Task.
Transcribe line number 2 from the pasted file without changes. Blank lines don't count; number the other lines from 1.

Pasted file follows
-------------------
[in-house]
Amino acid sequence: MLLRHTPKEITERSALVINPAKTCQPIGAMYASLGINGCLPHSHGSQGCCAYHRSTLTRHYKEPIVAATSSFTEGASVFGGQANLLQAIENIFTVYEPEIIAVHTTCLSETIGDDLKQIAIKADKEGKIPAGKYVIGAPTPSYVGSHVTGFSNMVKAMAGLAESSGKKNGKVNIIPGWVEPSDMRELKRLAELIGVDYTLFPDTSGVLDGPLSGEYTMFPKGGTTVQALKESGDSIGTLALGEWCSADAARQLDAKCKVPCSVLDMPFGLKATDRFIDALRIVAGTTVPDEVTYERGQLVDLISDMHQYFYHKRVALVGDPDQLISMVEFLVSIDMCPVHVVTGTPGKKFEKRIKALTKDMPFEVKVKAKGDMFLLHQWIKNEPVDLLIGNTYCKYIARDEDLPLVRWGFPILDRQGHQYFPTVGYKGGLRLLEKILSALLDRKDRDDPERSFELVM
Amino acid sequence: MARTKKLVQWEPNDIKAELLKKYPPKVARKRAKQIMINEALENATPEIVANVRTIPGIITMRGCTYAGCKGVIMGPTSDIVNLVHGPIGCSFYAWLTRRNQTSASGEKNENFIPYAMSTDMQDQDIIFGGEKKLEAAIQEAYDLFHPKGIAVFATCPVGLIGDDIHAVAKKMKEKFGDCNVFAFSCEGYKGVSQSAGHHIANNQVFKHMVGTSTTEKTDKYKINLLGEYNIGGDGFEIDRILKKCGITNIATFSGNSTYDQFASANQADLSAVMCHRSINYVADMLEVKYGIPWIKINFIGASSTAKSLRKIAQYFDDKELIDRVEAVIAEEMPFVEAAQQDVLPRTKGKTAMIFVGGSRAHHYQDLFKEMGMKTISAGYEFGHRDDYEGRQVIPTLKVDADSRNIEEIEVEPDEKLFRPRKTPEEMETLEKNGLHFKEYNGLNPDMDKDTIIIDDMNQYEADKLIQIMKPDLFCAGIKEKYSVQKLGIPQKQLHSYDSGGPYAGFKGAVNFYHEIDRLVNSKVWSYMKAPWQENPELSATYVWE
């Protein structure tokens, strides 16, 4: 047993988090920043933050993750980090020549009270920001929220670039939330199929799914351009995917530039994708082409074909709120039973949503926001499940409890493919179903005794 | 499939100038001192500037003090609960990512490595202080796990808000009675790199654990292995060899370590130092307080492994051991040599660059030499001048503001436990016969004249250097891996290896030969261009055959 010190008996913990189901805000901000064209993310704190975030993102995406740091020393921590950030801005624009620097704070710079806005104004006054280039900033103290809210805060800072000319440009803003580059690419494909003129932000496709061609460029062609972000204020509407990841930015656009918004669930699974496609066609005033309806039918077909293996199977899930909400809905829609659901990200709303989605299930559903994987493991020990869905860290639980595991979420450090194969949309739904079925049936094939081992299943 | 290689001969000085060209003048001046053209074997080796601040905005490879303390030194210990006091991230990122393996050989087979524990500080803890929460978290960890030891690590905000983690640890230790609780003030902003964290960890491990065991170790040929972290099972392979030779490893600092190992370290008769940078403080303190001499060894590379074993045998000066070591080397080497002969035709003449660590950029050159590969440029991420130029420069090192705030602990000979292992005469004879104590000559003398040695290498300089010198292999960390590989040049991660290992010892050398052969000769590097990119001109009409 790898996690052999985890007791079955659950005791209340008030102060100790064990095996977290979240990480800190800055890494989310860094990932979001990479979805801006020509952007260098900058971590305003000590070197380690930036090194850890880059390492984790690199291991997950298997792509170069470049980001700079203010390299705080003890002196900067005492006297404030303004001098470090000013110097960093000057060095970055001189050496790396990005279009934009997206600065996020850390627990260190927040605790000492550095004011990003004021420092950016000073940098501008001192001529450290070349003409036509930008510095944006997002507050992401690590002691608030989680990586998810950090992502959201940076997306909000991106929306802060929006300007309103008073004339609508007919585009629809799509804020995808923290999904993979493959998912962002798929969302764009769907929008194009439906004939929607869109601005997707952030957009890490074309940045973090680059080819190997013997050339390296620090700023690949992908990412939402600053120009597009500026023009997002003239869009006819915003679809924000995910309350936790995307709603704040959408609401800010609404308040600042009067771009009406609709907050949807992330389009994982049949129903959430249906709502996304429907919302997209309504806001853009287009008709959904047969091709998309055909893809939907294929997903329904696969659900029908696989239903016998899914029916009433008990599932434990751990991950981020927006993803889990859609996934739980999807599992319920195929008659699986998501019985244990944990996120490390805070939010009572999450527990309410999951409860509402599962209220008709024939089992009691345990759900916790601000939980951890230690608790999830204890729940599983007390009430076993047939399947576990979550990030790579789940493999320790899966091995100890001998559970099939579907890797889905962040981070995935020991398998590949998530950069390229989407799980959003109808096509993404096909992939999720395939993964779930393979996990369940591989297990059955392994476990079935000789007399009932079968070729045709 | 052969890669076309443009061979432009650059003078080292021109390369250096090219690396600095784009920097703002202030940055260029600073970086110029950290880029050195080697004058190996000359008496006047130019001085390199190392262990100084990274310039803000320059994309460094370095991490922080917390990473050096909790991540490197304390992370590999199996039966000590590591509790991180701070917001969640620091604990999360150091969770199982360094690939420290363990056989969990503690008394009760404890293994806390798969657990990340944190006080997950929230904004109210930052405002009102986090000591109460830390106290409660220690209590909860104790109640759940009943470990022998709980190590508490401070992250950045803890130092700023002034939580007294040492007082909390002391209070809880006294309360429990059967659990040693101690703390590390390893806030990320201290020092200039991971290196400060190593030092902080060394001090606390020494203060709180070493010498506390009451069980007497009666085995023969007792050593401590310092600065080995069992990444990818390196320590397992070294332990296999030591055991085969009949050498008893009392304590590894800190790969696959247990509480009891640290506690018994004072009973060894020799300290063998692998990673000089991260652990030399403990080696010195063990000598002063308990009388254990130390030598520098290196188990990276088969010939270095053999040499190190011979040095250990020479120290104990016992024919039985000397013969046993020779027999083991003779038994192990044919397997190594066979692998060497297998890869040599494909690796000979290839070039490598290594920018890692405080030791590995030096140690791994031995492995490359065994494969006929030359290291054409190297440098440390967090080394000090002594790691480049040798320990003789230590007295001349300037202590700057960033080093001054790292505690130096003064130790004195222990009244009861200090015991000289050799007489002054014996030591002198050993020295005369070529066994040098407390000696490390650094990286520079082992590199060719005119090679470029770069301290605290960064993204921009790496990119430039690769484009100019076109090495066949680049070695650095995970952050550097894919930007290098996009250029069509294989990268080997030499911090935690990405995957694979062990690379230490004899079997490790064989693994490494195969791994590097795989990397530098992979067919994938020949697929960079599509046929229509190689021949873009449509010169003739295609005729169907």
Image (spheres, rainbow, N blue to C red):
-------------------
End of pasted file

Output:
Amino acid sequence: MLLRHTPKEITERSALVINPAKTCQPIGAMYASLGINGCLPHSHGSQGCCAYHRSTLTRHYKEPIVAATSSFTEGASVFGGQANLLQAIENIFTVYEPEIIAVHTTCLSETIGDDLKQIAIKADKEGKIPAGKYVIGAPTPSYVGSHVTGFSNMVKAMAGLAESSGKKNGKVNIIPGWVEPSDMRELKRLAELIGVDYTLFPDTSGVLDGPLSGEYTMFPKGGTTVQALKESGDSIGTLALGEWCSADAARQLDAKCKVPCSVLDMPFGLKATDRFIDALRIVAGTTVPDEVTYERGQLVDLISDMHQYFYHKRVALVGDPDQLISMVEFLVSIDMCPVHVVTGTPGKKFEKRIKALTKDMPFEVKVKAKGDMFLLHQWIKNEPVDLLIGNTYCKYIARDEDLPLVRWGFPILDRQGHQYFPTVGYKGGLRLLEKILSALLDRKDRDDPERSFELVM